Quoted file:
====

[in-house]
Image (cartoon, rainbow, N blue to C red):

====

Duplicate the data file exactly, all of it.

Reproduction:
[in-house]
Image (cartoon, rainbow, N blue to C red):